To many, the idea of putting pen to paper, paint to canvas, fingers to ivory, or scenery to celluloid is the end-all, be-all mark of a creative person. But what if we peeled back that notion and said that “creativity” is more than an inherent trait? A skill not learned, but one that is discovered through years of practice and thoughtful application.
To offer a unique perspective on this idea of creativity and how it can come to life across disciplines, we invited Allen Gannett, founder of TrackMaven and author of the Amazon best-selling book, The Creative Curve, to our San Diego office. Read on for some of his thoughts on why creativity is not exactly what you might think, as well as our takeaways for unlocking your own creative potential.
Creativity is more than just a “gift”
The idea of a “creative genius” is, by and large, a product of mainstream media. We hear stories about individuals who possess almost superhuman qualities, the likes of which the rest of us may never come across. But while being a Creative certainly takes a degree of natural ability, there’s more to it than that. Creativity also requires:
Study: Exposing yourself to and learning from the works of your medium
Discipline: Committing to your own self-development and extending your limits
Practice: Honing your skills, perfecting your process, becoming an expert
The creative genius of Mozart, for example, was not without years of training, long hours of work and practice, and a lifetime dedication to a very specific skillset.
Gannett goes on to mention that “genius” isn’t even necessarily aligned with IQ. He references the threshold theory, proposing that creativity and intelligence are only correlated up to an IQ of about 104 (which is relatively average). According to the study, beyond this marker everyone has the same creative potential. The majority of us possess the abilities to be more creative at what we do, no matter the field.
Creativity is something you must nurture
How do you tap into your own creativity? As mentioned, part of being creative is practice. Here are some ways Gannett mentions to nurture creativity in your own sphere of work:
Quiet your left brain
The brain is divided into two hemispheres: the logical and reasoning left, and the artistic and reflective right. When we experience a sudden stroke of brilliance — a “lightbulb moment,” if you will — it’s typically when we’re quieting our left to make space for the right. It’s not uncommon for these moments to occur when you’re going for a run by yourself, or taking a shower (see the genius of showerthoughts), or driving home from work: your left brain is on autopilot, letting you tune into your right. The more you can create intentional space to listen to your right brain, the more you can nurture creative thinking in your day to day.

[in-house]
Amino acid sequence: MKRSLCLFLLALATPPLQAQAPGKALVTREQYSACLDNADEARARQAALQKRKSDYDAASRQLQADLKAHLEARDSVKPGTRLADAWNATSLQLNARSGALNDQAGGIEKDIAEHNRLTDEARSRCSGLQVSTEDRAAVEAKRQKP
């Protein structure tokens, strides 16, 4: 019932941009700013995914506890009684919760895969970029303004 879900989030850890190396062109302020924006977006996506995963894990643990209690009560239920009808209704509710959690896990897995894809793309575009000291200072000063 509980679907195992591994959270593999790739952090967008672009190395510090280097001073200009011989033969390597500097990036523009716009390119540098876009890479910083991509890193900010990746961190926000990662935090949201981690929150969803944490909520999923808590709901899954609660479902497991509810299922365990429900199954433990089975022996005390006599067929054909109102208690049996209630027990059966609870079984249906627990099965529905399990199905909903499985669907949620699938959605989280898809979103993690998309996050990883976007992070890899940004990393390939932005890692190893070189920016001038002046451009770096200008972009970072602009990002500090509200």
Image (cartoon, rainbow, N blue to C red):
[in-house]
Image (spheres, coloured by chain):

Seek out inspiration
Want to master a craft? Learn about it. Watch how people do it. Know what it takes to become an “expert.” It shouldn’t be surprising that some of the biggest creatives in history are also mass consumers of content in their respective fields (read about Netflix Chief Content Officer, referenced in The Creative Curve). It’s not because they’re trying to imitate another person’s work: rather, they want to soak in styles and techniques, to find creative inspiration. It’s not about learning a little about a lot; it’s learning a lot about a little. This is how you become an expert. If you want to foster more creativity in your line of work, actively consume more relevant material.
The creative charge
Even if “creative” isn’t part of your job title or function, you can still be creative. In fact, we should all consider leaning into our right brain more often and challenge ourselves to try on a different perspective. Maybe you’re not writing your next concerto, but you can still apply creativity in the way you solve problems, collaborate with others, approach your work. The charge of creativity is to seek it out to the best of your ability—and to apply it in the best way you can.
Want to learn more about how we foster creativity at Red Door? Get in touch with us or reach out on any of our social platforms.